Wait, now I remember. It’s money. You always need money. Inspired by Dave Barry (um, and traditional D&D), the game gives you a stronghold to build and maintain. A stronghold sitting above a
procedurally gener endless labyrinth with a dark Master Below at the bottom who should really get that “endless” thing checked out before it starts making sense. The stronghold requires money to repair her spacious campus and provide services to your party.
What? Do you find it weird that I’m talking about the stronghold like it’s sentient? Well it is. A medieval version of Karen S’jet
disembodied herself in the grand hall sculpture and helps you manage this thing. You get the magical equivalent of a Bluetooth headset to keep in touch with her and direct repairs from the field.
I can’t tell if I like this.
Sure, having a place in the world to call my own makes me feel less like a hobo with a sword. I love player housing in games, from the individual to the collective, and this is a nice middle ground. Caed Nua is all run down, full of weeds and ghosts and weedy ghosts, aching to be restored to glory. Which you accomplish by selling hundreds of pounds of blood-stained daggers and torn, muddy leather armor to uninterested innkeepers in impoverished villages. I’ve played enough Skyrim to not complain about that kind of economy, but it’s noticeable.
The stronghold itself feels so contrived. You don’t have to go back to manage it. There’s never any problems with construction (or weapon and armor degradation). If you’re ever bored there’s an always-fresh giant maze beneath the castle with infinite rewards. I loved cleaning out settlements in Fallout 4 because its systems forced you to pick up everything manually (boo) but let you demolish decrepit houses with one button (yay). Here the stronghold feels given to you, clearing ghosts something you do without anyone asking.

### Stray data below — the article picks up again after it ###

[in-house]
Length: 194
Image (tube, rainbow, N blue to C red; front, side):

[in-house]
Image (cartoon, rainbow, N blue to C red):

Maybe the security issues will bond me to Caed Nua? I fought off a group of spiders and beetles. That was kind of fun. But it could become a nuisance as I’m journeying to become the hero of… of…
What’s my overall goal again? Not going insane? Because I’m nearly at the point where I abandoned my last playthrough of Pillars of Eternity and AHA I remember now!
I’m in Defiance Bay, the first (only?) big city of the region, and I’m terrified to talk to anyone lest they dump another quest on my head. Help this woman break up with her abusive boyfriend. Buy a dagger for a street orphan. Get an amulet back from a courtesan. It doesn’t feel like being a hero, it feels like doing other people’s laundry. Which is about where I quit last time, to do my own.
This time will be different! I’m going to finish it! All the way! Hundred percent!
Oh no a woman wants me to get a book from the Hall of Revealed Mysteries.